(Bloomberg) -- Airbus SE emerged as the clear winner from the world’s first major air show since the start of the Covid-19 pandemic, with the European planemaker signing up orders and commitments for more than 400 planes. 

Boeing Co. had a more modest outing, but scored a major success with Indian startup airline Akasa’s purchase of 72 of its 737 Max jets. The agreement expands Boeing’s presence in a market dominated by Airbus, and adds to evidence the narrow-body workhorse is rebounding from groundings caused by two deadly crashes.  

Airbus notched up 269 firm orders, including a 255-jet deal with a group of four discount airlines backed by Bill Franke’s Indigo Partners. The European planemaker also secured a tentative agreement with Air Lease Corp. for 111 narrow- and wide-body jets, and the first sale for its coming A350 freighter. Smaller planes dominated, adding to the case Airbus is making with suppliers for a rapid increase in production after the Covid-19 downturn. 

“The question is in the longer term to what rate are we going and for how long,” said Airbus sales chief Christian Scherer at the show on Nov. 14. “A lot of our customers would take airplanes earlier if we could produce them earlier.”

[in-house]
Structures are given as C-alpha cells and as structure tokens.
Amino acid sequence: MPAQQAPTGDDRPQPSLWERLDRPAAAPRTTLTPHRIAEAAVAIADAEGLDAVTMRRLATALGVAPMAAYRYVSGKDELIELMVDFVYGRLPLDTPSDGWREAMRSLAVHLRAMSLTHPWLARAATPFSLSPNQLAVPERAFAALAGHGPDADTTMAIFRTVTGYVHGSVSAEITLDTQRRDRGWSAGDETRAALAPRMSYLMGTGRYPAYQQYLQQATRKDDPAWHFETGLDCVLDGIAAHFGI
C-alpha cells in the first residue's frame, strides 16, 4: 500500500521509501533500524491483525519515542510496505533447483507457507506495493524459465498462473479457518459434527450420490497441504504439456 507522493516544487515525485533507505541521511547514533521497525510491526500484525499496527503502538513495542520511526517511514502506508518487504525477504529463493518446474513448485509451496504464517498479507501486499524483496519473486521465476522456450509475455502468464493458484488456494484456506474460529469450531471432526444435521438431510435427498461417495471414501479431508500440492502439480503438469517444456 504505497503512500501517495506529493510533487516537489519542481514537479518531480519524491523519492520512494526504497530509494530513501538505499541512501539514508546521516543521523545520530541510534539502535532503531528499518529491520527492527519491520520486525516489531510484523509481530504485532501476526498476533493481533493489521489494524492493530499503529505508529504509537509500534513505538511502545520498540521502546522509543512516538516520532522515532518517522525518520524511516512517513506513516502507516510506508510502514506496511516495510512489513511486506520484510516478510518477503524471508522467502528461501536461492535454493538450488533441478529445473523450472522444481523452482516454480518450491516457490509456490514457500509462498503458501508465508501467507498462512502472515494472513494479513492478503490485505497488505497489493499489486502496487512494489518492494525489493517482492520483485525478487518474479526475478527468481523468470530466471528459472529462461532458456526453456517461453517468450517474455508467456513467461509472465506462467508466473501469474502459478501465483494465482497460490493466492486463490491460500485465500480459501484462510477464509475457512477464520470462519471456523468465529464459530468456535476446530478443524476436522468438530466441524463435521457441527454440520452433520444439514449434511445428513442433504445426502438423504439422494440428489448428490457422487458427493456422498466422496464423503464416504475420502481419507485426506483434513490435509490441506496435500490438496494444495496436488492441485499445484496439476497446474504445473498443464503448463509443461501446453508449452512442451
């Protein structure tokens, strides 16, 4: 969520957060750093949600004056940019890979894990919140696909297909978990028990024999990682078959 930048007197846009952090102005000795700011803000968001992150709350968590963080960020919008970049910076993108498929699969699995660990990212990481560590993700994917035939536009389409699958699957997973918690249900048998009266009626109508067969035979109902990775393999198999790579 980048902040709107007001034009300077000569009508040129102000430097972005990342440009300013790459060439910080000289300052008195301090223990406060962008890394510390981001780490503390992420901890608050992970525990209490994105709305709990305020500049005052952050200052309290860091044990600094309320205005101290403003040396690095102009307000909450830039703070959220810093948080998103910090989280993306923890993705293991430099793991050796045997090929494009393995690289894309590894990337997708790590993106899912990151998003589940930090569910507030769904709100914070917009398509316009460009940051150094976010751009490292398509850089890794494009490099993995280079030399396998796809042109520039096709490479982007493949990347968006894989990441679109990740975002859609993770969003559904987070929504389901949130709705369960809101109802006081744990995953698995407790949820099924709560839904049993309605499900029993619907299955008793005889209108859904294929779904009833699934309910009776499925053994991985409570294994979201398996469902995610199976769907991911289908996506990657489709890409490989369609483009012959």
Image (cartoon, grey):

Still, there was no order rush for the A350F, unveiled in July, at a time when freighters are a bright spot in sluggish wide-body demand. Air Lease agreed to take seven of the new Airbus model, while Boeing announced orders for two of its 777 freighters and one 767 cargo jet, along with some freighter conversions and a handful of smaller deals. 

Boeing also saw progress in its effort to recertify the 737 Max in China, its largest overseas market. 

The planemaker is separately battling production issues with its 787 Dreamliner wide-body that’s led to a stoppage in deliveries, while the planned 777X has been beset by delays. 

Shares of both companies have advanced this week.

(Updates with shares in final paragraph)

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